New Mexico Congresswoman Deb Haaland on Thursday moved a step closer to taking a spot in the president’s inner circle.
Haaland was favorably recommended to be the next secretary of the Interior by the Senate Committee on Energy and Natural Resources, and her historic nomination will now be voted on by the entire Senate.
The committee voted 11-9 in support of Haaland, a Democrat who is set to become the first Native American Cabinet secretary. Sen. Lisa Murkowski, R-Alaska, joined all the committee’s Democrats during the vote on Thursday morning.
“I have decided to support this nomination today, to support the first Native American who will hold this position, with the expectation that Rep. Haaland will be true to her word,” Murkowski said. “Not just on issues related to Native peoples but also responsible resource development.”
Murkowski was the second Republican this week to come out in support of Haaland. Sen. Susan Collins of Maine also publicly said she would vote to confirm Haaland.
That support puts Haaland on the brink of shattering another glass ceiling. She and Rep. Sharice Davids, D-Kansas, in 2018 became the first Native American women elected to Congress.
“My life experiences give me hope for the future. If an Indigenous woman from humble beginnings can be confirmed as Secretary of the Interior, our country and its promise still holds true for everyone,” Haaland, who is a member of the Laguna Pueblo, tweeted after the vote.
Haaland has been a staunch defender of the environment, both in Congress and before she was elected. She was co-sponsor of the Green New Deal, and she attended protests against the Keystone XL Pipeline. Fossil fuel industry advocates and several Republicans have opposed her nomination.
Last month, Haaland was introduced to the Senate committee by Rep. Don Young, R-Alaska, who spoke about Haaland’s willingness to reach across the aisle on certain issues. During her confirmation hearing, Haaland touted her bipartisan work, and she said oil and gas would be part of the country’s energy portfolio for years to come.
Carl Tobias, a law professor at the University of Richmond who studies nominations, said that Haaland’s ability to appeal to conservatives and moderate Democrats has put her on the cusp of confirmation.
“The fact that she’ll listen and she tries to work across the aisle, I think that’s all very positive and allows Murkowski and (other lawmakers) to vote for her,” Tobias said. “Haaland was very good about saying, ‘Look, I might have said things and taken positions, but I’m going to be secretary for the whole country.’ ”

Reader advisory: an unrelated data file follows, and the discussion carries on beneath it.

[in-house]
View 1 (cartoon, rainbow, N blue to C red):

Some remain unconvinced.
“I, along with other Western senators, have consistently opposed nominees who hold such radical views,” said Sen. John Barrasso, R-Wyoming, who called Haaland’s views extreme and voted against her nomination. “Rep. Haaland’s positions are squarely at odds with the mission of the Department of the Interior and outside of the mainstream.”
Committee Chairman, Sen. Joe Manchin, D-West Virginia, said he, too, had concerns about Haaland’s prior statements concerning the fossil fuel industry, but that she addressed those concerns during her hearing.
President Biden “is also trying to assemble a Cabinet that reflects the rich diversity of our nation. One that looks like America,” Manchin said. “Two hundred and thirty years after Washington called his first Cabinet meeting, it is long past time to give a Native American woman a seat at the table.”
Sen. Martin Heinrich, D-N.M., during Thursday’s meeting expressed disappointment in his Republican colleagues who described Haaland’s views as extreme and radical. Heinrich pointed out that Haaland is his representative in the House, and that she keeps an open mind on issues.
“I voted for two interior nominees whose views may have been considered quite radical by many of my constituents. I never used those terms. Because we have to get a lot of work done on this committee,” he said. “She has always shown an ability to work with people with very different views.”
If confirmed, Haaland will have to resign from her position in the House representing most of Albuquerque and surrounding areas. That would trigger a special election, which the New Mexico secretary of state would have to call between 77 and 91 days of the seat being vacated. About a dozen people, Republicans and Democrats and an independent, have declared their intent to seek Haaland’s seat.